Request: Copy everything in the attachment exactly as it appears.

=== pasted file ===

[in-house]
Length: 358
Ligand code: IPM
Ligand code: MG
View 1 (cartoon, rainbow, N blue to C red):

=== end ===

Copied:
[in-house]
Length: 358
Ligand code: IPM
Ligand code: MG
View 1 (cartoon, rainbow, N blue to C red):